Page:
The Queen’s Gambit is streaming now on Netflix.

The Queen's Gambit review – from an orphanage basement to the top of the chess world

3 / 5 stars3 out of 5 stars.   

Anya Taylor-Joy plays a 64-square prodigy in Netflix’s gorgeous Walter Tevis adaptation, which – while heavy on rags-to-riches fantasy – proves great fun


Lucy Mangan


Fri 23 Oct 2020 09.00 BSTLast modified on Fri 23 Oct 2020 09.02 BST


As the tale of a woman who rises from discovering the game in an orphanage basement to the pinnacle of the chess world, Netflix’s new miniseries The Queen’s Gambit can’t really fail. When it’s based on the book of the same name by legendary short story writer and novelist Walter Tevis, upon whose work the films The Hustler, The Man Who Fell to Earth and The Color of Money were also based, the odds of success seem even higher.


As such, there is plenty to like and to admire in this new, seven-part drama (starring first Isla Johnston then Anya Taylor-Joy as the prodigy Beth Harmon). We watch her become addicted both to the pills handed out – legally, apparently, in the 1950s when her story begins – to the children every day to keep them calm and compliant and, gradually, to the chess board and the control and solace it offers. Mr Shaibel (Bill Camp) introduces her to the coach of the local high school’s chess team and from thereon she is away, powering through the ranks until she becomes a giant-slaying grandmaster. Adoption by a local couple does not turn out to be the hoped-for domestic idyll, but when the husband abandons his alcoholic wife, Alma (a heartbreaking performance by Marielle Heller, more usually found directing the likes of A Beautiful Day in the Neighbourhood and Can You Ever Forgive Me?), she and Beth form a fragile connection that is strengthened when Alma discovers that winning chess tournaments can be quite the money-spinner. Soon they are travelling the country and then the world together, with Alma turning Beth into her drinking buddy as they go. She’s a pill-popper, too, and refilling her prescriptions provides Beth with a nice little supply of tablets of her own.


It looks gorgeous, the main performances are superb, the vital chess exposition neatly done and the true meaning of each game to Beth is made clear, whether spiritual battle, learning curve, inner reckoning, occasional flirtation, retreat from or re-emergence into the world. However, without the anchoring point of a true story behind it all, it has the feeling of a fairytale rather than the sports movie or biopic its trajectory and tropes keep pointing viewers towards. Beth’s rise is virtually frictionless. Her first loss doesn’t come until halfway through the series, her addictions don’t hamper her until even later, and as a young woman in the male-dominated world of 60s chess she meets virtually no sexism, let alone predatory behaviour. The men she faces across the board and trounces sometimes look a bit cross, but are for the most part nobly admiring, and Beth’s greatest source of annoyance seems to be the magazine interviews that keep referring to her as “a female chess genius”.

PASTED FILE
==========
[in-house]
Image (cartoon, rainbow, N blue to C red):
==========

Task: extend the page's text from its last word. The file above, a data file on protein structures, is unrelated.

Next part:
Though it tries to rise to the height of commentary – on the thin line between genius and madness, how we may be hoist by our own self-sabotage petards, whether we can hope to overcome our inner and/or our chemical demons – The Queen’s Gambit functions best and for the most part as a wish-fulfilment, rags-to-riches fantasy. Will she win again, this 64-square hustler? Yes! Will she learn and grow from her (board-based) mistakes before a Soviet superplayer and show him the colour of her money next time? Yes! What would it be like to be that good at something that young? To be born – fall to earth, you might say – with the kind of mind that vaults you immediately, unstoppably into a tiny elite and brings you global glory? Unlike chess, The Queen’s Gambit is slightly less than the sum of its parts, but you will have a great deal of fun watching them at work.

Thursday 26 November 2020

Understanding Camilla's Side Of The Story // The Crown's fake history is as corrosive as fake news // ‘The Crown’ Stokes an Uproar Over Fact vs. Entertainment

Why we should stop painting Camilla as a villain

By Brittani Barger  22nd November 2020


For decades, many have painted the Duchess of Cornwall as a villain cast opposite of Diana’s hero. It is past time for that narrative to stop.


I was struck by how the Duchess is being, again, painted as the villain while watching the latest series of The Crown. We see her as the other woman, running around with the Prince of Wales while he was married to Diana. It is important to remember that these two loved each other from the beginning, and it was the Royal Family who would not allow them to be together. If they had had it their way, they would have been married to each other from the beginning. Now, I’m not condoning an extramarital affair, but there is more to this story than gets reported.


Has she made mistakes? Yes, but I beg you to find someone on the planet who has not made a mistake in their life. You won’t be able to find one.


Camilla has been a member of the Royal Family for 15 years now. She has kept her head down and gotten to work, never complaining. The Duchess works with many organisations including the Animal Care Trust, BookTrust, Children’s Hospice South West, Cornwall Air Ambulance Trust, Elephant Family, and the Royal Osteoporosis Society. Overall, she supports over 90 organisations where she is either the patron or president.


Since becoming a member of the Royal Family, the Duchess of Cornwall has become one of the most loved members, especially by the press. She is always so friendly and warm to the media who she knows is at engagements to do their jobs. She smiles and helps them get good photographs for their stories, knowing that the causes she’s championing will be focused on, as well.